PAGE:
Though 100 million may seem a big number, truth is only a fraction of India’s population flies. But India’s geographical location, its vastness and huge domestic market — 30 crore middle class — are huge enabling factors.
India has also traditionally lacked strong airlines with extensive global networks and efficient and attractive airports. Air connectivity hasn’t moved beyond the large metropolitan cities to Tier 2 and Tier 3 towns. Currently 40% of domestic capacity is deployed on connecting just the six largest cities to each other. The second and third largest airports in India are congested. India’s estimated active general aviation (GA) fleet at 393 aircraft is around 65% larger than the scheduled airline fleet. Yet the sector remains extremely neglected. It is underdeveloped in terms of airports, airspace, maintenance and training. The total cargo Indian airports handle pales in comparison with airports like Hong Kong, Memphis, Shanghai and Incheon which alone handle more throughput than all Indian airports combined.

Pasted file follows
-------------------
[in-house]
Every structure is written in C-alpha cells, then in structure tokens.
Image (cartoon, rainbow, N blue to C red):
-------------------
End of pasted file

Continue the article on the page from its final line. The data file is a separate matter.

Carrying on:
Yet there are several positive attributes. India is the ninth largest civil aviation market in the world with a market size of USD16 billion. In 2016, growth in India's passenger traffic was over six times more than that of the US, which clocked the second-highest growth rate of 4.1%, according to Airports Authority of India. India has 125 airports, including 11 international airports. There are 7 national airlines and a number of regional carriers (in 2005, there were just 4 airlines). The largest airline IndiGo has placed two of the biggest plane orders in history, the last for 250 A320Neo aircraft, to exploit a highly under-penetrated market. The number of non-scheduled airline operators has touched 125 from 36 operators in 2000. The General Aviation fleet in India is the second largest in Asia Pacific. Air cargo, though just around 1-2% of the global cargo movement, contributes to around 32-35% by value of cargo shipped. The aviation sector in India provides an indirect and induced employment to over 1.2 million people.